Why Racial Justice is needed in a time of Global Warming

Racial unrest is a serious issue that needs to be resolved no matter the environmental circumstances. With hate crimes on the rise and people of colour being disproportionately affected by society, many already vulnerable minority communities are being made more vulnerable by global warming. 

Image Credits: Kon Karampelas

You may be thinking, what does global warming have to do with issues within society?

Creative extraction. 

20.8% of African Americans and 17.6% of Hispanics were living in poverty in America in 2018, in comparison to 8.1% of white people. Therefore, the majority of those living in poverty in America in 2018 were people of colour. 

The concept of creative extraction allows Trump’s government to legally take money from poorer neighbourhoods in order to help fund projects in richer neighbourhoods. 

This money would have gone to important development in infrastructure, education and healthcare; all vital sectors for when an environmental disaster occurs. 

Global warming has increased the rate, duration and intensity of extreme weather events. The recent Hurricane Laura, which made landfall as a category 4 hurricane, and Tropical Storm Marco have highlighted this fact. These two extreme weather events were predicted to hit the Gulf of Mexico within 48 hours of each other and create an “unsurvivable” storm surge, which was luckily avoided.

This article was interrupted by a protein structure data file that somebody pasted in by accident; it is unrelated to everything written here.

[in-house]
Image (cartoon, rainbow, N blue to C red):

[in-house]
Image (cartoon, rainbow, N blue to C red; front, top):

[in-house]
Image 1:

Image Credits: WikiImages

Nevertheless, if this event were to have occurred, would minority communities have been disproportionately impacted?

Take a look at Hurricane Katrina in 2005. When this Category 5 hurricane hit the cultural city of New Orleans, Louisiana, around 1800 people died. A major issue during the evacuation of the city was the way that those in charge left behind the immobile poor, 93% of which were black. Many of these people didn’t have access to a car or a good education which left them even more vulnerable. 

Therefore, it is clear that if Hurricane Laura and Tropical Storm Marco had panned out as they were predicted, we could have seen the devastating impacts of Hurricane Katrina once again. 

In a time of global warming, it is clear that extreme weather events and other major environmental issues are on the rise and those living in poorer communities are more at risk of being affected by them. 

This is not just a political issue but a socio-environmental issue. 

Without resolving the racial injustice that we hear of, and that some are a victim of, on a daily basis, climate change will carry on destroying those already disadvantaged communities.

Jenny Muckle is an Environmental Geography Student

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